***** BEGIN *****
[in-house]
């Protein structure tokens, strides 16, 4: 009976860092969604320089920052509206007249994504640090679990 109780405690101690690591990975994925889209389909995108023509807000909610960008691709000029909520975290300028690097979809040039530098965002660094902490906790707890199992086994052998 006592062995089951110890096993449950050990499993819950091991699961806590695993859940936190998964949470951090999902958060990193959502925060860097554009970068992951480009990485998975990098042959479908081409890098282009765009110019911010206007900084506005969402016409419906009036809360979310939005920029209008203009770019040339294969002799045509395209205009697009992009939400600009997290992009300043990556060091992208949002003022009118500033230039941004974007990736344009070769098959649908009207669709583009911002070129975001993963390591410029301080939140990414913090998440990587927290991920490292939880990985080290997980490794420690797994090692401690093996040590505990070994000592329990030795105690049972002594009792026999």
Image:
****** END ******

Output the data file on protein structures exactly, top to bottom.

[in-house]
């Protein structure tokens, strides 16, 4: 009976860092969604320089920052509206007249994504640090679990 109780405690101690690591990975994925889209389909995108023509807000909610960008691709000029909520975290300028690097979809040039530098965002660094902490906790707890199992086994052998 006592062995089951110890096993449950050990499993819950091991699961806590695993859940936190998964949470951090999902958060990193959502925060860097554009970068992951480009990485998975990098042959479908081409890098282009765009110019911010206007900084506005969402016409419906009036809360979310939005920029209008203009770019040339294969002799045509395209205009697009992009939400600009997290992009300043990556060091992208949002003022009118500033230039941004974007990736344009070769098959649908009207669709583009911002070129975001993963390591410029301080939140990414913090998440990587927290991920490292939880990985080290997980490794420690797994090692401690093996040590505990070994000592329990030795105690049972002594009792026999």
Image: